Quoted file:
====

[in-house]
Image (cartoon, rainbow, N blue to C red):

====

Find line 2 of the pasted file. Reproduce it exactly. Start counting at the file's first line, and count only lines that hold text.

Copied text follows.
Image (cartoon, rainbow, N blue to C red):